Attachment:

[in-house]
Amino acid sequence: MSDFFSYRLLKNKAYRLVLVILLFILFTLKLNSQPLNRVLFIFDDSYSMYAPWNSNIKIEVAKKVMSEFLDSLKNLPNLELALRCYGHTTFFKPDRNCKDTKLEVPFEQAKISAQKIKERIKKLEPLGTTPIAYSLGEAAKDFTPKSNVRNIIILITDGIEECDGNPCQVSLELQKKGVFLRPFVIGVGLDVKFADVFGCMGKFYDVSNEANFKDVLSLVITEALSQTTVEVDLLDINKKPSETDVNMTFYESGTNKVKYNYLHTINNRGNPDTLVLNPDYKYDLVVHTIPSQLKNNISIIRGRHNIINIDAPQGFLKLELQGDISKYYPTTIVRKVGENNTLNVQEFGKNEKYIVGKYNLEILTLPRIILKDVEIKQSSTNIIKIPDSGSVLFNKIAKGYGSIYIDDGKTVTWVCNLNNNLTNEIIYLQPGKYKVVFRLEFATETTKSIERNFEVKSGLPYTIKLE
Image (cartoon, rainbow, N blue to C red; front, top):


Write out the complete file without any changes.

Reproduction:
[in-house]
Amino acid sequence: MSDFFSYRLLKNKAYRLVLVILLFILFTLKLNSQPLNRVLFIFDDSYSMYAPWNSNIKIEVAKKVMSEFLDSLKNLPNLELALRCYGHTTFFKPDRNCKDTKLEVPFEQAKISAQKIKERIKKLEPLGTTPIAYSLGEAAKDFTPKSNVRNIIILITDGIEECDGNPCQVSLELQKKGVFLRPFVIGVGLDVKFADVFGCMGKFYDVSNEANFKDVLSLVITEALSQTTVEVDLLDINKKPSETDVNMTFYESGTNKVKYNYLHTINNRGNPDTLVLNPDYKYDLVVHTIPSQLKNNISIIRGRHNIINIDAPQGFLKLELQGDISKYYPTTIVRKVGENNTLNVQEFGKNEKYIVGKYNLEILTLPRIILKDVEIKQSSTNIIKIPDSGSVLFNKIAKGYGSIYIDDGKTVTWVCNLNNNLTNEIIYLQPGKYKVVFRLEFATETTKSIERNFEVKSGLPYTIKLE
Image (cartoon, rainbow, N blue to C red; front, top):